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# Mixed and Entire Radicals PowerPoint PPT Presentation

Mixed and Entire Radicals. Expressing Entire Radicals as Mixed Radicals, and vice versa. Today’s Objectives. Students will be able to demonstrate an understanding of irrational numbers by: Expressing a radical as a mixed radical in simplest form (limited to numerical radicands)

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### Today’s Objectives

• Students will be able to demonstrate an understanding of irrational numbers by:

### Proportions

• Recall that we can name fractions in many different ways and they will be equivalent to each other, or proportional to each other

• For example, all of the following fractions are equivalent to the fraction 3/12:

1/4 , 5/20 , 30/120 , 100/400

• Why is ¼ the simplest form of 3/12?

### Equivalent expressions

• Just as with fractions, equivalent expressions for any number have the same value

• Example:

• √16*9 is equivalent to √16 * √9 because,

• √16*9 = √144 = 12 and √16 * √9 = 4*3 = 12

• Similarly, 3√8*27 is equivalent to 3√8 * 3√27 because,

• 3√8*27 = 3√216 = 6 and 3√8 * 3√27 = 2*3 = 6

• n√ab = n√a * n√b, where n is a natural number, and a and b are real numbers

### Multiplication Property

• We can use this property to simplify square roots and cube roots that are not perfect squares or perfect cubes

• We can find their factors that are perfect squares or perfect cubes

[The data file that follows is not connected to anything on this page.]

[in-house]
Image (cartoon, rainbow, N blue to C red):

• Example: the factors of 24 are: 1,2,3,4,6,8,12,24

• We can simplify √24 because 24 has a perfect square factor of 4.

• Rewrite 24 as the product of two factors, one being 4

• √24 = √4*6 = √4*√6 = 2*√6 = 2√6

• We can read 2√6 as “2 root 6”.

### Multiplication Property

• Similarly, we can simplify 3√24 because 24 has a perfect cube factor of 8.

• Rewrite 24 as the product of two factors, one being 8

• 3√24 = 3√8*3 = 3√8 *3√3 = 23√3

• We can read this as “2 cube root 3”.

• However, we cannot simplify 4√24 because 24 has no factors that can be written as a 4th power

• We can also use prime factorization to simplify a radical

### Example 1) Simplifying Radicals Using Prime Factorization

• Solution:

• √80 = √8*10 = √2*2*2*5*2

• = √(2*2)*(2*2)*5 = √4*√4*√5

• =2*2*√5

• 4√5

• = 23√18, 34√2

• Some numbers, such as 200, have more than one perfect square factor

• The factors of 200 are: 1,2,4,5,8,10,20,25,40,50,100,200

• Since 4, 25, and 100 are perfect squares, we can simplify √200 in three ways:

• 2√50, 5√8, 10√2

• 10√2 is in simplest form because the radical contains no perfect square factors other than 1.

• So, to write a radical of index n in simplest form, we write the radicand as a product of 2 factors, one of which is the greatest perfect nth power

### Example 2) Writing Radicals in Simplest Form

• Write the radical in simplest form, if possible.

• 3√40

• Solution:

• Look for the perfect nth factors, where n is the index of the radical.

• The factors of 40 are: 1,2,4,5,8,10,20,40

• The greatest perfect cube is 8 = 2*2*2, so write 40 as 8*5.

• 3√40 = 3√8*5 = 3√8*3√5 =

• 23√5

• Write the radical in simplest form, if possible.

• √26, 4√32

• Cannot be simplified, 24√2

• Radicals of the form n√x such as √80, or 3√144 are entire radicals

• Radicals of the form an√x such as 4√5, or 23√18 are mixed radicals

• Here is one more example going the opposite way (mixed radical  entire radical)

• 33√2

• Solution:

• Write 3 as: 3√3*3*3 = 3√27

• 33√2 = 3√27 * 3√2 = 3√27*2 =

• 3√54

• 4√3, 25√2

• √48, 5√64

### Review

• Multiplication Property of Radicals is:

• n√ab = n√a * n√b, where n is a natural number, and a and b are real numbers

• to write a radical of index n in simplest form, we write the radicand as a product of 2 factors, one of which is the greatest perfect nth power

• Radicals of the form n√x such as √80, or 3√144 are entire radicals

• Radicals of the form an√x such as 4√5, or 23√18 are mixed radicals

### Homework

• Pg. 218 - 219

• (4-5)aceg, 7a, 9, 11acegi, 14,17,19, 21, 24